When trying out for the role of the altar boy, Edward Norton went into the audition in character. Meeting with casting director Deborah Aquila, he quietly stuttered as Aaron and then suddenly turned into Roy, roughly grabbing her to the point where she was worried about her own safety. See more »
At the original interview, Dr. Molly asks Aaron "How did you meet?" and then she asks "What was the relationship like?". When Marty is watching the interview tape, Dr. Molly, after asking "How did you meet?" says "Doing what?". See more »
On my first day of law school, my professor says two things. First was; "From this day forward, when your mother tells you she loves you - get a second opinion."
"If you want justice, go to a whorehouse. If you wanna get fucked, go to court."
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Edward Norton delivers the chills...(POSSIBLE SPOILERS AHEAD)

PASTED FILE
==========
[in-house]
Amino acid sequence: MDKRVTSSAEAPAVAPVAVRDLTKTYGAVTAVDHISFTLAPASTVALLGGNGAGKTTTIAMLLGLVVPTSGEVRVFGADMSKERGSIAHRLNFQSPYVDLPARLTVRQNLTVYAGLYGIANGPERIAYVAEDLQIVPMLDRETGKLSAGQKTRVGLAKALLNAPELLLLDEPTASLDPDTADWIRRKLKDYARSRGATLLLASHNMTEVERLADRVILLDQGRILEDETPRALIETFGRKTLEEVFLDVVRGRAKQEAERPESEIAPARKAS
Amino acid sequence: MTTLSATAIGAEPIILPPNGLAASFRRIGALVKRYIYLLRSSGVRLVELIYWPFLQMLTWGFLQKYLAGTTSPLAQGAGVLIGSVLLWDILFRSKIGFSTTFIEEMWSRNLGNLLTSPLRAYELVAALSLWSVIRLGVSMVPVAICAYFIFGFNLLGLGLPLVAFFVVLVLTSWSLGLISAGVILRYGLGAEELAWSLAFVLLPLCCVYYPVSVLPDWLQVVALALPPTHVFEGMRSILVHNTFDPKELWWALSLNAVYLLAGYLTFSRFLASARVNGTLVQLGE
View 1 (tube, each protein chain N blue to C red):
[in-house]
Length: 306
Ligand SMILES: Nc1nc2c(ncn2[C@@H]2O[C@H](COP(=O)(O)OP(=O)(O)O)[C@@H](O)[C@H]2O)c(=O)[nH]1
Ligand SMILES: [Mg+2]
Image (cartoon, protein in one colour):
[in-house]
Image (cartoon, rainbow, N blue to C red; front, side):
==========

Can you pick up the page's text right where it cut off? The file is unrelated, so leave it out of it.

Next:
PRIMAL FEAR is a good old-fashioned thriller with a modern twist. The plot concerns an altar boy accused of killing a clergyman who molested him and a sleazy lawyer who sees a chance to make tabloid news by taking the case. What he doesn't know is that his client can be just as cunning as he is.
RICHARD GERE seemed to specialize in playing these kind of low-down heels (typecasting does have its perils), and LAURA LINNEY as the prosecuting lawyer has her hands full trying to play a game of one-upmanship against him during an intense courtroom trial.
The story ends on a chilling note, thanks largely to the clever, intense and totally convincing performance ED NORTON gives in his film debut. As the guy who seems to have a devious split personality driving him to do bad things, he's the kind of actor who makes the audience sit up and take notice of his abrupt mood changes. It's no wonder he pulls the wool over so many eyes.
Having said that, it's the climax of the film that is most stunning and brings the story to a totally unexpected conclusion. It's the kind of chilling twist that only the most clever scriptwriters can devise and make seem probable--but it succeeds here.
Summing up: The kind of film you'll want to revisit once you know the whole score. Gere, Linney and Norton deserve high praise.
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